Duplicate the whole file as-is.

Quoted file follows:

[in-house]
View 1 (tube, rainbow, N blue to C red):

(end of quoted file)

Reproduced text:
[in-house]
View 1 (tube, rainbow, N blue to C red):